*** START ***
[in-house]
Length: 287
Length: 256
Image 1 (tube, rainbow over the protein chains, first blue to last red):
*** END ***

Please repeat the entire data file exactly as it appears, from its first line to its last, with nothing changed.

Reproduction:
[in-house]
Length: 287
Length: 256
Image 1 (tube, rainbow over the protein chains, first blue to last red):